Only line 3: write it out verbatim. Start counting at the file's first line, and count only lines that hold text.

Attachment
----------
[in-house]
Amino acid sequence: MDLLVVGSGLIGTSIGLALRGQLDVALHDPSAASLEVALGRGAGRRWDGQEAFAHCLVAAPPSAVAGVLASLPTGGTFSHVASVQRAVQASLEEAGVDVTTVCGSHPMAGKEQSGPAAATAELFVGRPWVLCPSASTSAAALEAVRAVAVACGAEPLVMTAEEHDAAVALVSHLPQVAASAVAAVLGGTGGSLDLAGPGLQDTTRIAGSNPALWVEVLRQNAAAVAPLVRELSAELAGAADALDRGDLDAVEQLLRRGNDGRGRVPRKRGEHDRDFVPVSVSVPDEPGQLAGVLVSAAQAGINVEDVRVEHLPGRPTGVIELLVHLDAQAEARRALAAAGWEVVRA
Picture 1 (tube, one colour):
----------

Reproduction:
Picture 1 (tube, one colour):